Much and more has been made of Game of Thrones' sixth season finally surpassing George R.R. Martin's books, and though the claim can sometimes be overstated — Sam and Jaime's stories this year took heavily from A Feast for Crows — it's true that, for the first time, showrunners David Benioff and D.B. Weiss were painting on a nearly blank canvas. They're not the only ones: Somewhere in Santa Fe, Martin himself is putting what fans hope are the finishing touches on The Winds of Winter, a book that's expected to cover much of the same narrative territory. Though the books and show are telling their own separate versions of the story, they're still working from the same general, GRRM–created road map. What can we learn about Winds from what we saw on HBO? Here's a guide:
We'll start with the worst-kept secret of the Game of Thrones universe: Jon Snow wasn't staying dead in the show, and he's certainly not staying dead in the books either. Wth Melisandre at the Wall, a Lord of Light–assisted rebirth will likely be Martin's method of choice for bringing our hero back as well, though given the Dance With Dragons prologue, we may get a chapter of two of Jon's consciousness hanging out in his direwolf's body first. The loophole in Jon's vows will probably get him out of the Night's Watch here, too.
As far as the Night's Watch conspirators go, they were doomed even before show — Jon hung Olly and Ser Alliser. Will they go out fighting Wildlings, or will Jon himself lead the charge? Either way, the decision to make Dolorous Edd the new Lord Commander seems like a textbook Martin joke.
Game of Thrones so far has given us two battles of Winterfell, but The Winds of Winter will probably only give us one. A Dance With Dragons left off with Stannis's forces camped miles outside Winterfell, and one TWOW preview chapter indicates he has a trick up his sleeve. Remember too that, unlike on the show, the Northern lords' loyalty to their flaying-enthusiast overlords is much more tenuous in the books. Add it all up and I'd be willing to bet that Stannis, not Jon, will be the one who takes Winterfell back from the Boltons. Since Benioff and Weiss have said that the decision to burn Shireen came from Martin himself, look for Stannis to sacrifice his daughter at a pivotal moment, either in battle against the Boltons or (more likely) against the Others.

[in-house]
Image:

North of the Wall, Bran Stark will probably figure out the truth of Jon Snow's parentage and why Hodor says Hodor. And, while most readers assumed he was going to stay in that cave forever until he became a literal tree, the events of episode five suggest that's likely not the case. If that means the Three-Eyed Raven has to perish, well, his death will be even sadder for book readers. R.I.P. Brynden Rivers — the White Walkers did what the Blackfyres never could.
If season six is any indication, book-Cersei is also not going to fade away gently after her walk of atonement. The show has (thankfully) put the kibosh on Cleganebowl, which means that the books' version of zombie-Gregor, Ser Robert Strong, will probably face some poor sap from the Sparrows in Cersei's trial. Will this be enough revenge, or does Cersei have even bigger plans up her fabulous sleeves? If Jaime's final look in the finale is any indication, the star-crossed twins will be coming into conflict sooner rather than later.
Speaking of trials, the blogger Made in Myr has argued that Margaery's trial will actually be a central event of Winds, and though we never actually got to see it in the show, the events of the season finale won't make anyone optimistic about her prospects. (The finale also seems evidence that Loras is maybe not faking his terrible injuries in the books.)
Will the Faith align with Tommen's regime in the books? It's possible, but there's more evidence to suggest this story line will be taken up by Aegon in Winds of Winter. (Likewise, Cersei will probably not make it anywhere near the Throne.) How's Tommen going to die? My money's still on one of the Sand Snakes.